This started out as an attempt to draw a simple L shaped N scale track plan and came out one of the most involved sketches I’ve ever drawn. In August 2008’s Model Railroader I wrote an article called “Three track plans for one sheet of plywood.” (All three of those plans are available on Trains.com.) The idea was to explore what you could build on a train table made from a 4 x 8 sheet of plywood if you cut it up and rearranged the pieces. This time around I wanted to explore the same idea with an L shaped N scale track plan.
Although I drew a diagram showing how to cut the plywood into the two pieces needed to make this footprint, the idea of a flat tabletop didn’t last long. I wanted continuous operation, so I planned my plywood cuts to produce a tabletop with turnback “blobs” at both ends. But a simple dogbone schematic would mean either having two towns with a very short mainline run between them or putting one of the towns at the back of the layout. Flipping one end of the loop to form a figure-8 that crossed at the bend of the L let me situate both towns at the front of the layout with the maximum length of main line between them. That, of course, required a crossing, either at grade or grade separated. I scrapped the flat tabletop and went with a crossover, requiring cookie-cutter benchwork on risers to create the grades.
I’m a big fan of hidden staging. To make the figure-8 track plan look like a point-to-point, I hid the crossover and the end of one turnback loop in a tunnel and placed a four-track double-ended staging yard against the back of one leg of the L. Five feet of 4% grade yields only about 2½” of grade separation, which isn’t enough clearance for reaching in to fiddle the staging yard. You’ll have to plan operations to make staging self-reloading. Even so, you’ll want to leave an aisle along the back for access to staging just in case, rather than putting that side against a wall.
But putting that much of the return loop underneath the scenery meant that the town I later named Roopville would be the only thing going on at this end of the layout. What if I added a branch line above the hidden staging? A short passing/interchange track and a combination depot created the tiny dot on the map named Junction. A curve against the back of the bend led to another town, named Fable Ridge.
On many layouts I’ve seen, branch lines like this often lead either to a coal mine or a logging camp. Wanting to avoid those cliches, I made the primary business of the Fable Branch interchange with a nearby Class I, elevating the branch’s importance. The short two-track interchange yard, one for incoming cars and one for outgoing, can be fiddled between sessions or during, depending on how busy you want it to be. Spurs serving a freight house and a warehouse (or other industry, like a furniture factory) depicted as flats against the backdrop add more operating interest. I opted to emphasize that the line continues past Fable Ridge by running the track through a farm scene before ending it at the edge of the layout. But if more operation is a higher priority than scenery, you can change the crossing angle to reduce the size of the area on the far side of the Class I and lengthen the interchange and spur tracks. The track leading off the edge is an obvious place to attach a single-track staging cassette or, if you have the room, more scenicked layout.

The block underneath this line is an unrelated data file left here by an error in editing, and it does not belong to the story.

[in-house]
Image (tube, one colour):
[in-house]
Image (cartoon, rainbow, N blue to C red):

I wanted a fairly long passing track somewhere on the layout between the towns. Since there wasn’t enough space between the curves in Roopville, I put it just to the left of there, so the local could use it for runarounds to switch the town.
Next came the town of Truman, which had plenty of straight track for a runaround of its own. I added another double-ended track parallel to it to serve a grain elevator, a landmark for an agricultural area like Oklahoma, which grows a lot of winter wheat. I extended this track for a stub to another granger mainstay, a feed and seed mill.
On the outside of the mainline, I added a couple more spurs to serve a freight house and an oil dealer. The latter could be a coal or LPG dealer if you prefer, depending on the era you’re modeling. I then sketched in some streets and filled the rest of the town with storefronts and houses. Behind the town, I figured that a wood trestle on the steep track up to Junction would make a good scene for dramatic trackside photography.
Next, I came to the town of Roopville. I found I didn’t have enough straight track between the curves on either side of town to insert the turnouts I needed. I shifted the depot from the straight track to the outside of the right-side curve and shortened the passing track to the left of town, which originally extended around the left-side curve a bit. This let me fit in one industrial spur on each side of the main, in addition to a house track between them.
For a typical small-town industry, I added a lumberyard to the inside spur. There was a lot of space on the outside of the main for my other industry, which left me with a lot of options. I decided to make it a riverfront wharf, where barges carrying grain, coal, or gravel could be loaded or unloaded. Though I labeled the vessel docked there as a grain barge, a modeler could build several different barges to be swapped out to suit the layout’s operational needs.
That left the empty section between the towns, next to the passing siding. I erased the track between Junction and Fable Ridge and redrew it as hidden track to give myself a blank canvas. I then went online to look up what mineral resources Oklahoma is known for. Coal, lead, and zinc are more prevalent, but I liked the sound of a copper mine, so I added one, reached by a short switchback. This gave the railroad both another source of outgoing loads and a name, the Copper Mountain & Western. Let me know if you were inspired by this L shaped N scale track plan.